Especially in Germany, Linux’s popularity has grown very fast. This is partly due to the very good adoption of the early Linux development in the two most influential computer magazines, c't and iX. Harald Milz and Andre von Raison, in particular, published lots of really enthusiastic articles about Linux.

From a market development perspective, we have seen the benefits of a broad and well-established channel market for Linux. With the emergence of the self-published and self-distributed Linux Anwenderhandbuch, which has become a bestselling title in computer bookstores across Germany, Linux distributions, first as floppy disk and then as CD distributed software, were sold by these bookstores as an additional and fast-growing business.

Besides the well-known SUSE and several long-forgotten others, Delix (later acquired by Red Hat) and LST (later acquired by Caldera) had been very successful German Linux distributions.

The early Linux Kongress meetings and events have taken place in Germany. My company LunetIX, which started with two people in 1992 and quickly grew to around 10 in the late 90s, was an integral part of this German open source ecosystem.

After running my own business for 20 years, I decided to join Red Hat in 2012, and I am really enjoying the momentum Red Hat brings into the open source business.

Q: Over the years we’ve seen a huge variety of people contribute to Linux and open source, from high school dropouts through Ph.D. candidates and beyond, across a range of disciplines. What was your background in that sense, and what led you to open source in the first place?

A: My academic background includes a bachelor’s in mathematics and physics, but when I started with free software I was earning my living by driving a taxi cab with the Kreuzberger Taxigenossenschaft, a renowned collective from the Berlin alternative and house squatter scene.

There were several bulletin board systems with communities around different flavors of technology and social movements. To me, the Usenet and the internet behind it was the most appealing technology.

There was shareware and public domain software for many computer systems, but free software was a whole different story, which attracted me.

Q: Thinking back to those early days, did you ever imagine where Linux would be now? Did you ever imagine you’d still be contributing so many years later?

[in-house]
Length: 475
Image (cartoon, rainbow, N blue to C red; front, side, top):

A: When I was 20 years old, I did not believe mankind would make it to my 40th birthday without a major nuclear war. When I started with Linux at the age of 30, I had stopped thinking too much about the future. On the other hand, why should I ever consider stopping contributing?

Q: During those years, what has surprised you the most about the evolution of Linux?

A: I did not have any expectations, so there is no surprise. But there are lots of things I find remarkable about Linux. For example, the momentum and spirit of the people developing it, which make it recognizably different from BSD Unix.

BSD predates Linux and it has been available as 386BSD pretty much the same time as Linux evolved. Technically, BSD was more advanced, more stable and more secure than Linux. In the Usenix conference 1997, Linux had an official track parallel to the traditional UNIXes. But there was no joint session. 

When I saw Dennis Ritchie on the other end of an aisle during one break, I pulled Linus with me towards Dennis to have both of them meet and talk. There was not much evolving from that meeting but a nice photograph I can share today.

Q: Now, looking forward -- how do you think Linux will continue to evolve? Where do you think it might be in the next 10 years? 30 years?

A: It’s already on Mars, how much further should it get? Linux is just the kernel. The open source ecosystem? Its methods and communities are evolving.